Effects of invasive European frogbit and its two physical control methods, hand pulling and shading, on macroinvertebrates
European frogbit (Hydrocharis morsus-ranae L.) is an invasive floating plant that negatively affects native plants in freshwater ecosystems. A field mesocosm experiment was conducted in Oneida Lake, NY, USA to study the impact of European frogbit cover on macroinvertebrates and to test the effects of two physical control methods - hand pulling and shading on macroinvertebrate assemblages. Metrics including density of different types of organisms, total abundance, taxon richness and Simpson’s diversity index were compared. Both Hester-Dendy sampler and Ekman grab were used to collect surface/phytophilous and benthic macroinvertebrates.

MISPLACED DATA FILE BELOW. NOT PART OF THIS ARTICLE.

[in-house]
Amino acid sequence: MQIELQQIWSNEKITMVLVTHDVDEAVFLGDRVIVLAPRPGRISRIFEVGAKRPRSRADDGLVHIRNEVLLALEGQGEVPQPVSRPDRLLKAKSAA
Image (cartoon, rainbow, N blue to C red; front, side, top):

European frogbit cover had significant positive effects on mollusc density, amphipod density, taxon richness, and Simpson’s diversity of macroinvertebrates in the Hester-Dendy surface samples. There were significantly fewer benthic worms and more chironomids (Hester-Dendy bottom samples) and possibly higher diversity of benthic macroinvertebrates (Ekman samples) in the sites with European frogbit. These data together suggest that European frogbit had positive effects on surface and phytophilous macroinvertebrates and may change population density and increase diversity of benthic macroinvertebrates. The frogbit control measures hand-pulling and shading had no significant effects on macroinvertebrates with one exception: amphipod density in surface water was significantly lower in the shading sites. This suggests potential negative impacts of shading on macroinvertebrate communities. Therefore, hand pulling is preferable to shading for controlling invasive European frogbit from the perspective of minimizing effects on the macroinvertebrate communities in the lakes.